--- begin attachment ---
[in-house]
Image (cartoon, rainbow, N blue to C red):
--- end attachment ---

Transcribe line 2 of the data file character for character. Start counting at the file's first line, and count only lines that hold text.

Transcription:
Image (cartoon, rainbow, N blue to C red):